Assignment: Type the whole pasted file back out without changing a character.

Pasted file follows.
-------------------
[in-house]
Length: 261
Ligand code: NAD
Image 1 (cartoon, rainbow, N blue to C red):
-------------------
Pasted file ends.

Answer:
[in-house]
Length: 261
Ligand code: NAD
Image 1 (cartoon, rainbow, N blue to C red):